[ 21 October 2001: Message edited by: moggie ]
[ 21 October 2001: Message edited by: moggie ]
21st Oct 2001, 20:46
Which reference does your ‘HUD-equipped jet’ have? Pitch attitude or flight path vector?
The autothrottle gain rates will be modified according to pitch attitude from a vertical gyro to maintain the selected IAS derived from the pitot-static or Air Data Unit; you ‘hand fly’ the aircraft attitude and the AT adjusts thrust level to maintain the speed you selected.
‘Point and Power’ is a technique which refers ONLY to flight relative to a fixed touchdown reference point. On an instrument approach you are correcting to either an electronic glidepath on a precision or a height/range cue on a non-precision approach. If you are above the glideslope, for example, and just pitch forward to a new attitude (‘poking at the ground’ as it’s sometimes described), your AT will indeed do the work to sort things out. If you ‘hand fly’ properly by maintaining your attitude, wriggling off some power to increase rate of descent to recover to the glideslope and then restoring the correct power, your passengers will also not have to endure unnecessary pitching on the approach.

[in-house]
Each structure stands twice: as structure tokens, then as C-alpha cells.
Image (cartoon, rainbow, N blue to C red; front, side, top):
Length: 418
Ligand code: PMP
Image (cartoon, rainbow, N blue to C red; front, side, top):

The ‘technique’ which you are trying to describe is the only method of flying with AT engaged as you have no direct control of thrust settings, merely of demanded IAS. It is not appropriate to basic flying or full ‘hand-flying’ – but pointing the aeroplane in the required direction and letting the AT automatics sort things out is probably all the Nintendo generation will ever need. If that’s all they can cope with, then heaven help them or their passengers when all the computers decide you need to run Scandisk and stop voting! That’s why basic techniques are still taught!!